As agricultural and rural community professionals, it is important to understand how to effectively communicate with farmers and family members who face highly stressful situations. Based on cited research and interactions with thousands of farmers and ranchers throughout the US, ten key suggestions have been developed.
Understand the basic physical, chemical and physiological workings of the stress thermostat, including the effects of cortisol (and other chemicals) on thinking, memory, distractibility, health, communications and relationships.
Help others regain a sense of control by seeing their situation concretely and realistically. Write down (or encourage them to write down) numbers, goals, next steps, timelines and resources to contact. Know that if you only talk about concepts and ideas in an abstract way and rely on memory, little will happen.
Encourage others so THEY set goals and action steps on paper. Your clients should participate and then write down goals, ideally following the SMART goal framework*:
Have patience as you walk through decisions and plans with your clients. LISTEN. You may have a grasp on the objective reality of a situation, but because of the real and measurable impacts of stress on our perceptions, your client will likely not see the situation as clearly.
Help others tap into and fully use the social support systems around them. These systems could include Extension, technical colleges, churches, schools, trusted and experienced advisors, and elders in the community. It’s also very helpful when farmers can reach out to and learn from other farmers. Peer learning and support is enormously helpful as people share concerns, accomplishments, and solutions.
Know that all healing takes time. Many people may need to simultaneously focus on physical and mental wellbeing. Making changes and looking toward the future takes physical energy.
Know that some individuals and families might choose to focus on things that you may not see as the highest priority. Or worse, you might view their number-one concern as irrelevant. Do not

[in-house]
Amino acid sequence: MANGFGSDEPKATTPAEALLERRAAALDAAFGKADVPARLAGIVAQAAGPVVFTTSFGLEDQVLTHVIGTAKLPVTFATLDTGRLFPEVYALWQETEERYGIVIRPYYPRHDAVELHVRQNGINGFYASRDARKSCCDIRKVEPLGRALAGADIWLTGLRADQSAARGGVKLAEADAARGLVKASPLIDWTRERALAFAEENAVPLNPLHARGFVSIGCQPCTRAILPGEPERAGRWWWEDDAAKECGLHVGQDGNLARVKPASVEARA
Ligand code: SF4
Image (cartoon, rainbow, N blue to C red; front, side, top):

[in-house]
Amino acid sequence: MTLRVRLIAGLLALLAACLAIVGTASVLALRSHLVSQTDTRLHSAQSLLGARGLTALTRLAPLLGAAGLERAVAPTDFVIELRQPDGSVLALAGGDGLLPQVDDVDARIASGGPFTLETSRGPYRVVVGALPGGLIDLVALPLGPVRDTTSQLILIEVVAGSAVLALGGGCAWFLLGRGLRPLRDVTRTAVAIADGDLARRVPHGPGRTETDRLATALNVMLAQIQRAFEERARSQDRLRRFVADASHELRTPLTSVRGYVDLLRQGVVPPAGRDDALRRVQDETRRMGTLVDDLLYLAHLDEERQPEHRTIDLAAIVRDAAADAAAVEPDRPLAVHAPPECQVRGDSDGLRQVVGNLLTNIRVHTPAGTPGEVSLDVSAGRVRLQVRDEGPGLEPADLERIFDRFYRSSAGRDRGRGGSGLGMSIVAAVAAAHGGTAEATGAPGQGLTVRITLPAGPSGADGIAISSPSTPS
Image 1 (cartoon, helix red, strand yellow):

dismiss their concerns, as they might be overwhelming the emotions of your client. Be patient, listen, and help them focus.
Dealing with stress requires a holistic approach, meaning a team is needed. Make sure to involve people with appropriate expertise who can consider issues of finance, production, and other technical specialties. Do not overlook the roles of health professionals, including mental health. Technical skills are important, but so is the ability to empathetically listen.
Help others see their stress response as a call to action. In her popular TED Talk, ** Dr. Kelly McGonigal says, “Stress gives us access to our hearts. The compassionate heart that finds joy and meaning in connecting with others…your pounding physical heart, working so hard to give you strength and energy. And when you choose to view stress in this way, you’re not just getting
better at stress, you’re actually making a pretty profound statement. You’re saying that you can trust yourself to handle life’s challenges. And you’re remembering that you don’t have to face
Follow up with clientele in a pre-planned, scheduled manner. We all need support, and regular check-ins create a sense of reliability and help others achieve goals they’ve set. Be positive. Recognize and celebrate progress. Listen. Be patient. It might take multiple tries to make significant progress. All forward progress is good progress. And slippage backward, when properly framed, is a great learning opportunity.
Take care of yourself. For professionals, this heavy-duty work can sap energy, and for many it can be just as stressful of an experience as it is for those whom you are serving. Get support from others doing similar work. Listen with the intent to connect. Seek help and lean on other team members. Take time away. And know when you need a break.
*SMART Goals are based in part on original work by:
Doran, G. T. (1981). “There’s a S.M.A.R.T. way to write management’s goals and objectives”. Management Review.
AMA FORUM. 70 (11): 35–36.
**Dr. Kelly McGonigal is a health psychologist and lecturer at Stanford University. She is also the author of the book cited below.
McGonigal, K. (2016). The upside of stress: Why stress is good for you, and how to get good at it. London, United Kingdom: Penguin.
Thumbnail image: Minerva Studio/Shutterstock.com